Science:Math Exam Resources/Courses/MATH307/December 2012/Question 03 (e)
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Question 03 (e) 

Let be the subspace of vectors in whose components sum to zero. (e) Let Q = I  P. What kind of matrix is Q? What are N(Q) and R(Q)? 
Make sure you understand the problem fully: What is the question asking you to do? Are there specific conditions or constraints that you should take note of? How will you know if your answer is correct from your work only? Can you rephrase the question in your own words in a way that makes sense to you? 
If you are stuck, check the hints below. Read the first one and consider it for a while. Does it give you a new idea on how to approach the problem? If so, try it! If after a while you are still stuck, go for the next hint. 
Hint 1 

Use that P^{2} = P to show that Q^{2} = Q, that is, Q is also a projection.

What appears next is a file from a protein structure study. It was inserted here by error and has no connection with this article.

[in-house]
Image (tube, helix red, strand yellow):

Hint 2 

In fact, Q is called the complementary projection of P. As such Q swaps the range and nullspace of P (why?). 
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Solution 

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Please rate my easiness! It's quick and helps everyone guide their studies. First, we show that Q is a projection, that is Q^{2} = Q: since P^{2} = P because P is a projection. Next we show that N(Q) = R(P). So let x be in the nullspace of Q. Then 0 = Qx = (IP)x = xPx and hence Px = x which implies in particular that x is in the range of P. Next, let x be in the range of P, and choose y such that x = Py. Multiplying both sides with P yields Px = P^{2}y = Py = x, which we can rewrite as (IP)x = 0 and thus x is in the nullspace of Q. Therefore N(Q) = R(P). But P was chosen such that R(P) = S and hence Interchanging the roles of P and Q, after all Q = IP implies that P = IQ, we obtain that R(Q) = N(P). We claim that N(P) = S^{T}. This is quick since Px = 0 is equivalent to saying that x has no component in S which is equivalent to saying that x is orthogonal to S. From part (a) we remember that the vector [1, 1, 1]^{T} spans the orthogonal complement of S and hence